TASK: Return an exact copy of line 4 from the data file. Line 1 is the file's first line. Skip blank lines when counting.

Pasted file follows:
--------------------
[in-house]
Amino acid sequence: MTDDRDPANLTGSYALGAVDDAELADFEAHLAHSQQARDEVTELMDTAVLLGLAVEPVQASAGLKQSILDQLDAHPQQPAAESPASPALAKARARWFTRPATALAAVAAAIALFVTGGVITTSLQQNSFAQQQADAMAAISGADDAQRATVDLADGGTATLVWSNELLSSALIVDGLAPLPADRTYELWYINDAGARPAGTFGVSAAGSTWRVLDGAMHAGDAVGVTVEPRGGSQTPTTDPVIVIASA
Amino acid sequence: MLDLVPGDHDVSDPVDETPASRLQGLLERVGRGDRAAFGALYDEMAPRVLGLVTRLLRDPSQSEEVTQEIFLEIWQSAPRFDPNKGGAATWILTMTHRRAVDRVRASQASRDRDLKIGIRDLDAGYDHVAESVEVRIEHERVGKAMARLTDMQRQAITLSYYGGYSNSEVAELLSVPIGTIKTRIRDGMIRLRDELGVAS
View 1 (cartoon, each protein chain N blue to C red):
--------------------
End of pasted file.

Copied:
View 1 (cartoon, each protein chain N blue to C red):